Whatever answer one gives to that question of interpretation -- and commentators on Hegel do vary considerably on that matter -- at least the dialectical progression, what happens with the master and the slave in the story Hegel is telling, is relatively straightforward. You might say, with respect to both of them, that there's good news . . . and then there's bad news. It's easy to say, from a non-dialectical perspective, who's on top, who the winner is. It's clearly the Master, right? They get to call the shots, boss the slave around, obtain the satisfactions that human beings desire, which include exerting power over others, obtaining recognition, and enjoying the fruits of labor.
Or, perhaps, from a first encounter with dialectics, it's obviously the Slave who ends up winning. After all, while the master luxuriates in enjoyment, failing to develop any further, the slave is forced to undergo processes of transformation, including self-transformation, painfully becoming other to him or herself for a space, but ending as having become a more highly developed being than the master. Isn't that the case?
The longer I read and think about Hegel, the less simple of a verdict I find within this passage. Hegel definitely describes a process of development on the part of the slave -- but just how effective is this in addressing the real problem which self-consciousness encounters: the experience of being alienated or estranged from one's own self, the realization that one's identity and meaning lie vulnerably within the hands, eyes, and desires of another, the hunger to conquer or steal back a sense of wholeness and assurance that one never really had but nevertheless nostalgically yearns for? After all, the experiments with Stoicism, with Skepticism, with the Unhappy Consciousness -- replicated along so many other lines, if we follow along the lines Hegel himself describes and details -- follow the section on Master and Slave. Those responses by the dialectical subject, the slave who remain unsatisfied, are just as equally shapes of Self-Consciousness, are they not? For, after all, Hegel placed them within that section. Should we not perhaps view the Unhappy Consciousness as the end-point of that process of development and unfolding?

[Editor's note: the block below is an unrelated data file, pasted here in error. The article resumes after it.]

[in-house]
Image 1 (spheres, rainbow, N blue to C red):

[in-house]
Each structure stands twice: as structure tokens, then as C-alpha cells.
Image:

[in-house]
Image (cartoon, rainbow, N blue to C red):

Other problems of interpretation assert themselves as well. Hegel insists that the development of the Slave requires, not as something optional, but as an essential condition, that the slave undergo the fear of death, something that jars and shakes the unfortunate in his or her very being, rendering them pliable to be reworked by the Master's will and command, by the Object upon which labor is set to work, and by the Slave's own internalization of that triad: Fear, Command, Work. Without this experience, Hegel maintains, the will of the Slave never rises above stubbornness.
In the discussion with McCarty and Macherla, I suggested that we must interpret this "far of death" less literally, if we mean to incorporate the Master-Slave dialectic into our own experience, culture, and situations. "Death" must be understood more broadly, as something akin to loss or destruction -- or stripping, deprivation of meaning -- not just of physical life. Meaning can come in many forms, shapes, sizes, and in any of them it can be threatened, at least until the person has become entirely sure of their meaning and its relation to other meanings -- and that requires quite a bit of development to occur, a kind of mastery of one's own acquired either through finding power, on the one hand, or the apprenticeship of labor on recalcitrant (and thereby tutelary) objects on the other.